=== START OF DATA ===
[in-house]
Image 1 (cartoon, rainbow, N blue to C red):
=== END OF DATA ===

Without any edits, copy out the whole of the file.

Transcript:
[in-house]
Image 1 (cartoon, rainbow, N blue to C red):